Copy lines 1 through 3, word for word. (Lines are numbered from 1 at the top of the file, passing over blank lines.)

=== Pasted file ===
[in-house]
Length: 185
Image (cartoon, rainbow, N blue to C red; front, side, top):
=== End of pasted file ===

[in-house]
Length: 185
Image (cartoon, rainbow, N blue to C red; front, side, top):